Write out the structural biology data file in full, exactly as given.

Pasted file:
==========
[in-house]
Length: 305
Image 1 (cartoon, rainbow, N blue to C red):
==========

[in-house]
Length: 305
Image 1 (cartoon, rainbow, N blue to C red):